THE IDENTIFICATION OF STRESSFULEVENTS AND WORKING CONDITIONS BY GROUP HOME PERSONNEL
Gale E. Burford
Data on job-related stress are reported for personnel who work in and around group homes for young offenders and mentally handicapped persons in one Canadian province in order to illuminate the organizational changes and working conditions which these personnel find most distressing. Based on the assumption that stressful events and working conditions have neither a universal nor a uniform impact on persons, the Organizational Changes Rating Scale and the Stressful Working Conditions Checklist (Adams, 1980) were employed to discriminate between the existence or occurrence of an event or condition and the identification of that event or condition as stressful. Subjects' ratings (N=390) were rank-ordered overall and by job title for examination. The findings are used to support the notion that stressors should be considered for both direct and indirect service personnel in order to illuminate important contextual factors of stress for direct care workers. However, those events and conditions that are perceived to have high impact for all personnel may mask important job stressors for particular groups of personnel if research does not discriminate between the occurrence or presence of an event or condition and its perceived impact on each group.
The purpose of this paper is to examine what job-related stressors are peculiar to the nature of work in group homes and to determine which of these stressors are perceived by the personnel involved as having the most stressful impact upon them.
The findings reported in this paper are part of a larger study in progress (Burford, work in progress) which is predicated on the notion that many attempts to understand the nature of residential group care work have paid insufficient attention to the subjective components of stress evaluation. That is, while there is a strong belief that stress is a necessary and potentially positive element of growth, development and adaptation, it is only in recent years that researchers have come to accept that stressful events and conditions do not have universal impact on people (Gentry & Kobasa, 1984). Exposure to stress cannot be understood without giving careful consideration to the differences in perception between people and between groups of people and to other factors which buffer, cushion or mediate the relationship between stress and performance.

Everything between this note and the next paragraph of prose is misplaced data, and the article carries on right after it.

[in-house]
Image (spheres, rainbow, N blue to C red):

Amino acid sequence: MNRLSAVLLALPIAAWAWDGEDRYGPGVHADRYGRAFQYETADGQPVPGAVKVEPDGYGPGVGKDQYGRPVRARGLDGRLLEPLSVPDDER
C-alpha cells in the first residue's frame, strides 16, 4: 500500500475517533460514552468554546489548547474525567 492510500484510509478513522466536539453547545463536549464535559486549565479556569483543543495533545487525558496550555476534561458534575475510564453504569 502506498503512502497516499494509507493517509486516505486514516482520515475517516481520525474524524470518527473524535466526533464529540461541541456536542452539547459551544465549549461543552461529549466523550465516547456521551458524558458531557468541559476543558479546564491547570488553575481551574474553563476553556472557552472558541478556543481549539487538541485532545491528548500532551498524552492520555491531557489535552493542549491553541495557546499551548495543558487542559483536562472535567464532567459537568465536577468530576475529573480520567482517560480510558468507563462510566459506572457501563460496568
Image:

A wide range of factors has been shown to mediate and/or buffer the responses to stress by individuals and work groups including: personality and attitudinal differences; the availability of relevant career and educational ladders I and job enhancement schemes; the quality of reward schemes; the relative position of residential services within the wider service network; the characteristics of the resident group; levels of change and stress; the quality of supervisory, consultative and social supports; organizational and administrative structures and supports; patterns of work schedules; physical environmental conditions; and the individual and collective interpretation or meaning that evolves in relation to an event or condition (Beddoe, 1980; Beehr & Bhagat, 1985; Brendtro & Mitchell, c 1983; Burford & Fulcher, 1985; Fulcher, 1983; Gamer, 1982; Krueger, 1987; r Mattingly, 1981; Moos, 1975; Reed, 1977).
In particular, this paper presents findings relative to the differences between reports of actual frequency of occurrence of organizational changes and stressful working conditions, and ratings of their impact by sample subjects. This is consistent with Mattingly's (1981) call for researchers to develop fuller understanding of the situations and conditions that personnel in residential group care find distressing and which aggravate burn-out.
While the supportive literature on these subjects is too broad to summarize in this paper, a few would seem to have particular relevance to the vulnerability or susceptibility of work groups toward adaptive or maladaptive functioning.
In their study of work environment variables related to job satisfaction for group home workers, Connis et al. (1979) offer a number of interesting findings. As suspected, they found high rates of employee turnover. Only a few employees in their study tended to remain in the group homes for more than one year. Varying levels of job satisfaction were associated with different occupational groupings and they noted that those employee groups who spent less time in face-to-face contact with residents reported higher levels of satisfaction. Houseparents had considerably more direct contact than other groups. For all employee groups, satisfaction was positively associated with access to private living space.